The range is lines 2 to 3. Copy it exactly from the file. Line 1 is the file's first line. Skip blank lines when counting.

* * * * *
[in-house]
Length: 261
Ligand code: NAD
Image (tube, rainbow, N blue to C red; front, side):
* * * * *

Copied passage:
Length: 261
Ligand code: NAD